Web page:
Wrist tendonitis is a painful condition where the tendons connecting the thumb to the wrist become inflamed. The tendons here typically run against a narrow sheath, but inflamed or irritated tendons will swell and overlap this sheath. Wrist tendonitis causes both pain, discomfort and swelling in the affected area, making it difficult for the individual to perform everyday tasks like writing, typing, reading or even holding a drink.
One of the most common causes of wrist tendonitis is from constant repetitive motion and overuse of the wrist. Individuals with desk jobs forcing them to type in front of a computer for 8 or more hours a day are more likely to develop the condition. Constantly moving your wrists in the same motion over and over may cause swelling (AKA inflammation) in the tendons; thus, leading to wrists tendonitis.
Physical injury or force trauma may also cause wrist tendonitis. It’s not uncommon for individuals to develop the condition after experiencing an automobile accident. Aggressively hitting your wrist against part of the vehicle or a nearby object will cause the tendons to swell. In addition, it can also knock the boney sheath out of place, making it difficult for your tendons to function properly.
Taking a couple of minutes to stretch your wrists and arms every hour can help reduce the chance of tendonitis from developing. Just hold your hands out and gently roll your wrists in a clockwise motion a couple of times. You can also interlock your fingers with your palms facing out and stretch your hands and arms. These are just a few simple ways to stretch your wrists while reducing the chance of tendonitis.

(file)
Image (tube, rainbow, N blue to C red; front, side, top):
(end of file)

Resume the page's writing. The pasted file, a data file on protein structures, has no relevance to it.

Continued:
Try to get into the habit of stretching your arms and wrists at least once every hour. Whether your are at work or home, performing basic stretching motions with your wrists will naturally protect them against tendonitis.
Because wrist tendonitis is characterized by inflammation, placing an ice pack on the affected area may offer some minor temporary relief. Ice will draw blood away from the affected area, reducing swelling of the tendons. Taking a non-steroidal anti-inflammatory (NSAID), such as ibuprofen or aspirin, can also reduce swelling. Of course, these are temporary forms of treatment that won’t fix the underlying problem.
If you are suffering from wrist tendonitis, you should schedule an appointment with your chiropractor. They are trained to identify misaligned tendons and bones that could be causing your condition. After a thorough examination, a professional chiropractor will advise you on the best course of treatment for your particular case of wrist tendonitis. A manual manipulation may help to guide misaligned tendons or bones back into their normal position. Your chiropractor may also recommend lifestyle changes so the affected tendon, or tendons, will have time to heal.
Wrist tendonitis is a painful condition that can greatly lower your quality of life. The painful throbbing sensation makes it nearly impossible to perform basic activities involving the hands. Thankfully, professional chiropractors are fully trained to identify and treat common forms of wrist tendonitis.Share